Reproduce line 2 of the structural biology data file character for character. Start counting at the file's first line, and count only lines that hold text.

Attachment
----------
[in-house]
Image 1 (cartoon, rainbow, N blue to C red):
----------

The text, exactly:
Image 1 (cartoon, rainbow, N blue to C red):